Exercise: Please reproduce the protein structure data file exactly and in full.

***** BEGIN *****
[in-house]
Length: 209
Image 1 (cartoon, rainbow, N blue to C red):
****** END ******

[in-house]
Length: 209
Image 1 (cartoon, rainbow, N blue to C red):